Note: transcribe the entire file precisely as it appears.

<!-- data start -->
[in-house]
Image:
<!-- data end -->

[in-house]
Image: